Citing Student Influx, Va. Panel Urges Tighter College-Admissions Standards
Virginia's public colleges and universities should adopt stricter admissions standards in order to channel the state's growing number of postsecondary students into the proper institutions, a state advisory panel urged last week.
The recommendation was included in reports issued by the Council of Higher Education, which noted that 65,000 additional students are expected to swell Virginia's enrollment ranks by 2001.
To reduce state costs, the panel also suggested, the state should urge some students to complete certain degree programs in three years and encourage colleges to review degree programs that call for more than the 120 credits typically required for graduation.
The reports, which were mandated by the legislature, are considered primers for state officials on standards and on the most cost-effective ways to cope with the expected influx of students.
"I think what's happening here is we're in a rare moment when the academic and curricular planning ... just crossed demography,'' said Gordon K. Davies, the director of the 11-member council. "There's a necessity and a desirability.''
Mr. Davies said the two reports, "Higher Education for the 21st Century'' and "The Continuum of Instruction,'' will be followed next month with a report on restructuring colleges and universities. That study, he said, will focus on streamlining institutional administration, trimming curricula, and teaching.
The recommendations on standards would place Virginia among a growing number of states and institutions that are beefing up their admissions standards. (See Education Week, May 15, 1991.)
By adopting stricter standards by 1996, the council argued, the Old Dominion's four-year institutions will be able to "move students through to graduation at a quicker pace, freeing space for other students.''
The council proposed that four-year institutions require student applicants to attain the state's Advanced Studies Diploma, which consists of 23, rather than the usual 20, credits for graduation.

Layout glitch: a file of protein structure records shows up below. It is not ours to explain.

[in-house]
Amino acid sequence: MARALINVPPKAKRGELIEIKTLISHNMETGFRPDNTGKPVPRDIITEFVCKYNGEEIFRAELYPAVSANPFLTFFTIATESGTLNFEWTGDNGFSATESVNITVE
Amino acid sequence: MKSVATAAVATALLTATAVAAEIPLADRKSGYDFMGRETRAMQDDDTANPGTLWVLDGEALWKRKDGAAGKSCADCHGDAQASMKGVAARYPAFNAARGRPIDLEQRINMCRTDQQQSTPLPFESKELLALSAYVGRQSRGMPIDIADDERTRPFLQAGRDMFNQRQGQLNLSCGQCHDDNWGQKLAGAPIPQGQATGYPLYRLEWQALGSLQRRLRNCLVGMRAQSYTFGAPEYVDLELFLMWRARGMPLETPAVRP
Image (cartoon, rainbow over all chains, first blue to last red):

The panel also called on institutions to set high grade-point and standardized-test standards, while acknowledging that each institutions should be able to set its own requirements in accord with its specific mission.
Role of Community Colleges
Students not able to meet the standards would begin their collegiate careers at community colleges, where all remedial courses would take place, according to the recommendation. Students could receive joint admission to two-year and four-year schools under the plan.
But students who would not benefit from a community-college education should not be admitted, the council said. The report did not outline how community colleges should determine whether a prospective student could succeed at that level.
Mr. Davies said he was sensitive to critics who charge that such approaches harm students from weak K-12 programs. "This is not a matter of discarding human beings,'' he said. "This is a matter of finding the institution or agency that best meets their needs.''
In addition to calling for higher standards, the council said there should be greater use of curricula on the secondary level that allow students to get credit for college work.
That would enable students to graduate from college in just three years, the panel pointed out, thus saving the state a year's worth of educational subsidy. Such curricula include Advanced Placement examinations, International Baccalaureate courses, and dual enrollment.
In other recommendations on efficiency, the council encouraged state
colleges to examine their core education and degree requirements, to
use full professors to introduce students to their discipline, and to
study whether course scheduling creates a barrier to